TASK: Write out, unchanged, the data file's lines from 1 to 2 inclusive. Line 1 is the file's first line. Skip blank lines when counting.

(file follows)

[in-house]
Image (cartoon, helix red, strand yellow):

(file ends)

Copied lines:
[in-house]
Image (cartoon, helix red, strand yellow):